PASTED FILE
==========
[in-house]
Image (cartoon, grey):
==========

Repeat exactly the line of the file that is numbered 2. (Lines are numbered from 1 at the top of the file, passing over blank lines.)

Image (cartoon, grey):